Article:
The PayID real-time banking system owned by Australian financial institutions through the New Payments Platform (NPP) has been the victim of hacker misuse twice this year, highlighting just how vulnerable the nation’s real time payments infrastructure is.
As with any security incident, it doesn’t take much for confidence in the system to be compromised. Many of us depend on this payments technology to get money into our bank accounts more quickly and we are entitled to believe that our banking records and money are secure.
PayID allows payments to be made in real-time between banking accounts. Payments provider Cuscal confirmed in August that cyber criminals had accessed the PayID details of around 92,000 customers in the payment system of its client, Credit Union Australia (CUA). Hackers were able to harvest PayID details linked to NPP users, including mobile phone numbers and account data, such as account holders’ names and numbers.
Although the August incident involved customers of the big four banks (NAB, CBA, ANZ and Westpac), Westpac was also the victim of a similar incident in June this year when hackers retrieved details of 98,000 PayIDs by undertaking 600,000 account lookups over six weeks.
All NPP participants, from the NPPA itself, to payments provider Cuscal and its financial institution clients, are responsible for protecting customers against fraud and keeping their personal details and money secure. Although the stolen data cannot be directly used for fraud, it opens opportunities for further criminal activities including the selling of personal data and phishing opportunities.
Even simple measures such as a limit on the number of PayID lookups an individual can make or machine learning techniques that identify unusual patterns should have been in place to protect users’ data from the date that PayID was launched, and definitely after the June breach this year.
PayID provides a way for consumers to enter a more convenient identifier such as a mobile phone number or email address to make online payments. Once entered, the user is presented with the account name of the recipient to allow confirmation of the destination account.
On its own, this is a reasonable mechanism and there is less scope for human error than using bank account and BSB numbers. But it was misused when hackers identified that entering sequential phone numbers would allow for a ‘reverse phonebook’, that is, with enough attempts it is possible to list valid PayID phone numbers and their associated account holders.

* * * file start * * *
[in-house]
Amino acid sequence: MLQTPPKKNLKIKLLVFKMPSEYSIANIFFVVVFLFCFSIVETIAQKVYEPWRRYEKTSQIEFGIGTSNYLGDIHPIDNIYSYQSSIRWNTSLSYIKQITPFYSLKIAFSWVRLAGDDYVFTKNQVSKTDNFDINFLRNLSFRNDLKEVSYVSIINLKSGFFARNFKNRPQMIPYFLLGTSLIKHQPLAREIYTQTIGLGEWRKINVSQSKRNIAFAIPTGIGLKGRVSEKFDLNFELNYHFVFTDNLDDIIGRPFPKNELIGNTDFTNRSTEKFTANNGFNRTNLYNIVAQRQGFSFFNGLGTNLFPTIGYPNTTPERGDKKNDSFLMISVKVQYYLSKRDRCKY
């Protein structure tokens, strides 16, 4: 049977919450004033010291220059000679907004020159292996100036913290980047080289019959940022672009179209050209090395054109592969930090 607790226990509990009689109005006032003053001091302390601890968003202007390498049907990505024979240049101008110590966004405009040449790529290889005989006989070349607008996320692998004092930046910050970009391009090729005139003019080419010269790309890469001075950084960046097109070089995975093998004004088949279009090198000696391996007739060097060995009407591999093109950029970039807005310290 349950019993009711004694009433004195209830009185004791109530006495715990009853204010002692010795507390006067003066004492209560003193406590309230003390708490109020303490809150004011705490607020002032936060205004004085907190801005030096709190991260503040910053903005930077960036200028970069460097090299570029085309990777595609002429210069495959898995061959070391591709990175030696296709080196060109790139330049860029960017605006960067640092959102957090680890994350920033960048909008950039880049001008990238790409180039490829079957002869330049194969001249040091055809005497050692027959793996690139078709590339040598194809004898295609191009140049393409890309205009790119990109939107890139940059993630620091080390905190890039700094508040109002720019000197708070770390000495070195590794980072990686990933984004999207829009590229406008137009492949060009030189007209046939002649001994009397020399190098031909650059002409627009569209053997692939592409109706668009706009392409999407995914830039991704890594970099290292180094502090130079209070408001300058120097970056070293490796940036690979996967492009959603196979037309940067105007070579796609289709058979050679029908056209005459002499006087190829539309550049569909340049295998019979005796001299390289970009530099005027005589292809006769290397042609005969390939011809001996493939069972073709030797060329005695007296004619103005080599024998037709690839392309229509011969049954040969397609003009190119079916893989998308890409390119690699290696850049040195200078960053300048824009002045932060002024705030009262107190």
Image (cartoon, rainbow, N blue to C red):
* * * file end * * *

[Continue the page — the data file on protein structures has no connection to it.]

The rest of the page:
The problem in both instances was that the systems implemented by the relevant financial institutions did not detect the repeated lookups being attempted. Even a simple mechanism to limit the total number of lookups per session would have significantly limited the extent of the attack. As the PayID system was designed for consumers, it should have been designed to restrict (or at least alert) when large numbers of lookups were conducted.
NPP Australia has said it has taken steps to increase its cyber security since June, stating that it had “recently commenced implementation of more targeted cybersecurity requirements upon participating institutions, increasing assurance requirements and testing end point security to ensure that the controls are executed as intended”.
Its policy to increase requirements for financial institutions using their platform is an approach that places the responsibility with the banks. While this may be a legitimate approach for the NPP, consumers will not differentiate where liability may lie. NPP also reserves the right to withdraw access to PayID or apply penalties for breaches of security. This would, however, offer little consolation to users affected by these recent incidents who would simply want to know where responsibility for avoiding the breaches lay.
Cuscal has said that following the August breach, “technology changes were made by the client [CUA] immediately to prevent any further PayID data and to reduce the risk of PayID data being inappropriately obtained by hackers”.
The prompt response of the various organisations involved is laudable but still leaves open questions of how such seemingly obvious oversights could have occurred. While it is impossible to eliminate all risks to IT systems, organisations should strive to minimise attacks and ensure that new systems are thoroughly tested before being implemented.
Designing-in security from the beginning is an important aspect to all new systems and services. Security can rarely be implemented effectively retrospectively and these examples of the PayID system being so easily compromised show the dangers of rushing to roll-out functionality without adequate risk analysis being undertaken.
Associate Professor Paul Haskell-Dowland is the Associate Dean for Computing and Security in the School of Science at Edith Cowan University and is an associate member of the Centre for Security, Communications & Network Research at Plymouth University (UK). Paul has delivered keynotes, invited presentations, workshops, professional development/training and seminars across the world for audiences including Sri Lanka CERT, ITU and IEEE. He has more than 20 years of experience in cyber security research and education in both the UK and Australia.
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